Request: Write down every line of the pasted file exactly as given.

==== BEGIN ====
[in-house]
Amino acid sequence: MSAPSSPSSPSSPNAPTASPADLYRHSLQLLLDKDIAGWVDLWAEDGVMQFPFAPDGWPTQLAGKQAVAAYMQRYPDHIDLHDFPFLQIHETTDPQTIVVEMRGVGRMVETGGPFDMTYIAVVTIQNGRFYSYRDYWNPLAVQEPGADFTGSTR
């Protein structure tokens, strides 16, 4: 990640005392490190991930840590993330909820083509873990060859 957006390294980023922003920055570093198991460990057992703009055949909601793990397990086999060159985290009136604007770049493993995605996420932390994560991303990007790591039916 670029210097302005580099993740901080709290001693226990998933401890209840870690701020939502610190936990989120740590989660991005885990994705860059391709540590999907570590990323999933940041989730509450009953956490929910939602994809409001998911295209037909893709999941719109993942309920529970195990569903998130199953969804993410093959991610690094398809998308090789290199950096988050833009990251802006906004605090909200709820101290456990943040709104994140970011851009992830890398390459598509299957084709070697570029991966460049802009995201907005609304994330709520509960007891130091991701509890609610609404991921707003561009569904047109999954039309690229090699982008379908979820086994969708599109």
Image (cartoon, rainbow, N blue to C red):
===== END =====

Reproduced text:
[in-house]
Amino acid sequence: MSAPSSPSSPSSPNAPTASPADLYRHSLQLLLDKDIAGWVDLWAEDGVMQFPFAPDGWPTQLAGKQAVAAYMQRYPDHIDLHDFPFLQIHETTDPQTIVVEMRGVGRMVETGGPFDMTYIAVVTIQNGRFYSYRDYWNPLAVQEPGADFTGSTR
């Protein structure tokens, strides 16, 4: 990640005392490190991930840590993330909820083509873990060859 957006390294980023922003920055570093198991460990057992703009055949909601793990397990086999060159985290009136604007770049493993995605996420932390994560991303990007790591039916 670029210097302005580099993740901080709290001693226990998933401890209840870690701020939502610190936990989120740590989660991005885990994705860059391709540590999907570590990323999933940041989730509450009953956490929910939602994809409001998911295209037909893709999941719109993942309920529970195990569903998130199953969804993410093959991610690094398809998308090789290199950096988050833009990251802006906004605090909200709820101290456990943040709104994140970011851009992830890398390459598509299957084709070697570029991966460049802009995201907005609304994330709520509960007891130091991701509890609610609404991921707003561009569904047109999954039309690229090699982008379908979820086994969708599109």
Image (cartoon, rainbow, N blue to C red):